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Wisconsin pension fund now includes bitcoin

State of Wisconsin Investment Board purchased more than $160M in shares of Bitcoin exchange traded funds between January and April

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An advertisement of Bitcoin
An advertisement of Bitcoin, one of the cryptocurrencies, is displayed on a building in Hong Kong, on Nov. 18, 2021. Kin Cheung/AP Photo

Wisconsin’s pension fund has added bitcoin to its balance sheets, buying more than $160 million worth of shares in two newly approved funds earlier this year. 

U.S. Securities and Exchange filings from the State of Wisconsin Investment Board show that between Jan. 1 and March 31, it bought just more than $99 million worth of shares in a bitcoin exchange-traded fund, or ETF, from investment juggernaut Blackrock. The Investment Board, known as SWIB, also bought about $64 million worth of another bitcoin ETF from Grayscale.

A spokesperson for SWIB told WPR it doesn’t comment on specific assets or acquisitions. 

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Marquette University Emeritus Associate Professor of Finance David Krause said there’s a distinction between buying bitcoin itself and buying shares of a bitcoin ETF. People can buy bitcoins directly and store them in a digital wallet, but Krause said to think of the bitcoin ETF’s more like a mutual fund. He said shares of the ETF are tied to the price of bitcoin but investors don’t actually own the cryptocurrency.

Bitcoin ETFs, like the ones bought by SWIB, were approved by the SEC on Jan. 10.

“These are traded on stock exchanges,” Krause said. “So, they have liquidity just like shares of stock. They’re also regulated by the Securities and Exchange Commission. That gives investors some confidence that they’re not dealing with directly buying an asset.”

While $160 million is a lot of money, Krause said it’s a small fraction of Wisconsin’s overall pension fund. At the end of December, SWIB held more than $155 billion in assets, with the vast majority of that representing assets in the Wisconsin Retirement System.

“Like any good portfolio manager, you want to diversify,” Krause said. “And now that bitcoin has been around for well over a decade, we’re aware that not only does it offer pretty strong returns — sometimes over periods of time quite phenomenal returns — but it also has diversification capabilities. It doesn’t move directly, in tandem with stocks and bonds.”

However, bitcoin is notoriously volatile. In 2021, the price of one bitcoin peaked at almost $66,000 before dropping to around $16,000 in 2022. This year, it hit a new high of about $71,000.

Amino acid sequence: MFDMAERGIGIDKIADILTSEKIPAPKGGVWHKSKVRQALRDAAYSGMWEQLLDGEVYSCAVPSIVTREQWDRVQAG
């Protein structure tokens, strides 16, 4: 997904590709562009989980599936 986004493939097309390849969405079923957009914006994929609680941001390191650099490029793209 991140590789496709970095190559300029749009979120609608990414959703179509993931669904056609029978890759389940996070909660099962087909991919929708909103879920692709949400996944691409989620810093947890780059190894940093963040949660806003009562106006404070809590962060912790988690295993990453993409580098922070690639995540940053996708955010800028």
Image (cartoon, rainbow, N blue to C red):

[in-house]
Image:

Krause said it’s a “big deal” for SWIB to get involved with the bitcoin funds because it’s considered one of the most highly regarded pension funds in the country. 

“I can assure you that most institutional money managers took note of this,” Krause said. “Pensions magazine highlighted this just a couple of days ago that Wisconsin did this. So, I am pretty confident that just about everybody that runs large pension funds or institutional funds, is aware that SWIB took that action.”

Mark Fedenia, an associate professor of finance at the the University of Wisconsin-Madison’s School of Business, said the move gives “institutional validation for Bitcoin and cryptocurrency investments.”

“SWIB’s investment may boost confidence among other pension funds regarding the legitimacy and potential of Bitcoin ETFs,” Fedenia said. “Seeing a well-regarded institution like SWIB take the plunge can alleviate concerns about volatility, regulatory risks and the overall investment thesis for Bitcoin.”

Bitcoin, which was created in 2009, is “mined” using high-powered computers to verify online transactions that use cryptocurrency. Bitcoin mines consume substantial amounts of electricity. Aside from it’s volatility, critics have pointed to power consumption, electronics waste and it’s use by criminal hackers as a form of payment following ransomware attacks.

In Wisconsin, some local communities have turned to bitcoin and other cryptocurrencies as a way to invigorate their local economies. In 2022, the owners of a rural hydroelectric plant in Jackson County partnered with New York-based Digital Power Optimization to start a cryptocurrency mine on Lake Arbutus.

Editor’s note: Employees of WPR are participants in the Wisconsin Retirement System.

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